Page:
Somebody in the Westminster Record says that Why Shoot a Butler ought to be on every shelf. Now don’t burst into hoarse, mocking laughter. I’m taking myself very seriously. They talk about my “Art” in Horsham, & that sort of thing soon goes to one’s head. They can’t think how I make my people talk. They are sure they wouldn’t know what to make their characters say, & they wonder how ever I think out a plot at all. So do I. So when I next brighten your dull life with one of my gracious visits, just remember that I’ve got my Art, & can make my people talk, & ought to be on every shelf. No, I’m not sure that I like that last bit. After all, I did manage to lure Ronald into marrying me.John Byers, The Record and West London News, 20 May 1933.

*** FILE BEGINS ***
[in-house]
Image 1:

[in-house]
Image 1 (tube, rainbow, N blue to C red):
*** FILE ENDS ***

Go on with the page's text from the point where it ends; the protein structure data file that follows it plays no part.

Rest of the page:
By 1941 Why Shoot a Butler? had been reprinted five times and easily earned out Georgette’s advance. In 1933 her agent, L.P. Moore had sold the serial rights for the story to Woman’s Pictorial but the formidable Dorothy Sutherland – the editor of both Woman’s Pictorial and the top-selling Woman’s Journal changed the novel’s name from Why Shoot a Butler? to Woman in Danger, without notifying either Heyer or her agent. Georgette was infuriated by the title but even more incensed by the insertion into her story of words she had never written. ‘Do you know they had the bloody cheek to make a character of mine use the vulgarism “la-di-da”?’ she told Moore’s assistant, Norah Perriam, ‘I am still furious.’ Today, Why Shoot a Butler? continues to sell and to entertain all those who enjoy a cosy, country-house mystery with an intense race-to-the-rescue finale not unlike the the desperate journey enacted by the hero of her very first novel, The Black Moth.